Early leader in NYC BigApps competition: Foursquare

New York City kicked off voting on Thursday in its third annual BigApps competition, which rewards apps that use some of the city’s open data sets to build apps. But one of the most popular resources appears to be Foursquare, which is in use in more than half of the top apps in early voting.

Six of the top 10 apps use the Foursquare API to augment their features, providing a location layer for the services. The winner so far is Scene Near Me, a mobile web app that pushes notifications to users based on their Foursquare check-in about famous movie scenes shot nearby. Another top app called Work+ taps Foursquare to help find good working locations for remote employees. Phoundit is an online service for lost-and-found items, providing users who check in to a location with information on items that have been lost or discovered at that location.

Foursquare has been used by developers in previous BigApps competitions, and this is the second year it has been featured as an API. But this year, the competition opened up a new category for apps that also utilize an API from a local New York company. That has provided a new boost for Foursquare along with other local companies such as Tumblr, Etsy, bit.ly and others.

The BigApps competition is the largest open government initiative of its kind and provides access to more than 700 city data sets. This year’s competition awards $50,000 to winners in 13 categories of apps. The city has 95 submissions in the competition this year, up from 58 last year. Voting and judging continues through March 8, with the winner announced on March 29. In the past the competition has produced some notable startups, including NYC Way, a popular choice award winner in 2010, which I previously profiled.

The strong showing of Foursquare highlights some of the work the company has done to raise its profile in the developer community. Last year it announced it had hit 10,000 developers using its API, which now gets thousands of requests per second. The company also hosted two hackathons last year and has worked with the city to promote the local tech community, said Erin Gleason, a spokesperson for the company.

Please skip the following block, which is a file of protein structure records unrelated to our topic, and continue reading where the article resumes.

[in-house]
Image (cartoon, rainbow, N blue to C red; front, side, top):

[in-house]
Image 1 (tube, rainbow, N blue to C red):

“We’re in touch with the NYCEDC [New York City Economic Development Corp.] regularly about how they can continue to support the growing startup community in NYC and bring more engineering talent to the city. And, since a lot of the public data utilized in the competition is tied to physical places, the Foursquare API is a natural fit,” she said.

I agree it makes sense for Foursquare to be a popular API in New York, which is a city that is perfect for location-based services. Even without the new category, I think Foursquare would have been a favorite choice of developers, who are realizing how location can be utilized in a lot of creative ways.

But more than that, it is cool to see all the different apps inspired by this competition. There are some obvious parking and taxi apps, but there are also some other creative takes that are enabled through the release of so much city data. There are apps that let you know how your local political representative voted and where to find green markets or volunteering opportunities. Hopefully, other cities will take note and see that their municipality can become a platform for developers, who can use open data to do some pretty awesome things that governments can’t do themselves. That ultimately benefits residents, who end up being the real winners in these types of competitions.